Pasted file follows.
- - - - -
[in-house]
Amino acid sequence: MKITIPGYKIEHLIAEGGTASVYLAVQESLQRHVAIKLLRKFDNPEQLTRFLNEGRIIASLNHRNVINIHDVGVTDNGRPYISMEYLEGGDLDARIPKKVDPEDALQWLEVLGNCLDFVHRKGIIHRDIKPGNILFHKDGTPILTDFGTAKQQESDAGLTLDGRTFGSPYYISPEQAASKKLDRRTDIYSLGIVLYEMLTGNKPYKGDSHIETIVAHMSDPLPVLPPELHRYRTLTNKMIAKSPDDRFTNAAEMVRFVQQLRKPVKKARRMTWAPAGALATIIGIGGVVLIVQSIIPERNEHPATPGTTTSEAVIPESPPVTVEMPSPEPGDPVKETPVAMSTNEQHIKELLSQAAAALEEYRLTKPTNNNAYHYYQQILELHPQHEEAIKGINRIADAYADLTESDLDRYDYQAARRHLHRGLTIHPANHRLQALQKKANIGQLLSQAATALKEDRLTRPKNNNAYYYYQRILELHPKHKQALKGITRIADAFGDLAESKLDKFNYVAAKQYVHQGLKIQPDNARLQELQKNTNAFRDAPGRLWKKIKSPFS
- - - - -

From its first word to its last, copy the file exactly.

[in-house]
Amino acid sequence: MKITIPGYKIEHLIAEGGTASVYLAVQESLQRHVAIKLLRKFDNPEQLTRFLNEGRIIASLNHRNVINIHDVGVTDNGRPYISMEYLEGGDLDARIPKKVDPEDALQWLEVLGNCLDFVHRKGIIHRDIKPGNILFHKDGTPILTDFGTAKQQESDAGLTLDGRTFGSPYYISPEQAASKKLDRRTDIYSLGIVLYEMLTGNKPYKGDSHIETIVAHMSDPLPVLPPELHRYRTLTNKMIAKSPDDRFTNAAEMVRFVQQLRKPVKKARRMTWAPAGALATIIGIGGVVLIVQSIIPERNEHPATPGTTTSEAVIPESPPVTVEMPSPEPGDPVKETPVAMSTNEQHIKELLSQAAAALEEYRLTKPTNNNAYHYYQQILELHPQHEEAIKGINRIADAYADLTESDLDRYDYQAARRHLHRGLTIHPANHRLQALQKKANIGQLLSQAATALKEDRLTRPKNNNAYYYYQRILELHPKHKQALKGITRIADAFGDLAESKLDKFNYVAAKQYVHQGLKIQPDNARLQELQKNTNAFRDAPGRLWKKIKSPFS